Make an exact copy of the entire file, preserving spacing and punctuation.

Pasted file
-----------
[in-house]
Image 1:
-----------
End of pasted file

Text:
[in-house]
Image 1: